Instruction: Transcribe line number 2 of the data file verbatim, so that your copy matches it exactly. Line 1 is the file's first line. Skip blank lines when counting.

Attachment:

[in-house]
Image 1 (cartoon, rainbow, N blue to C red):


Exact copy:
Image 1 (cartoon, rainbow, N blue to C red):